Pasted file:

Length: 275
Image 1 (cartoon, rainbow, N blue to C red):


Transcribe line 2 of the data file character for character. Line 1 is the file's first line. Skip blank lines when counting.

Image 1 (cartoon, rainbow, N blue to C red):